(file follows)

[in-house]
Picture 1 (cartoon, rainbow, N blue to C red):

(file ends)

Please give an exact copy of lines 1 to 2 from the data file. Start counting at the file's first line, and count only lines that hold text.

[in-house]
Picture 1 (cartoon, rainbow, N blue to C red):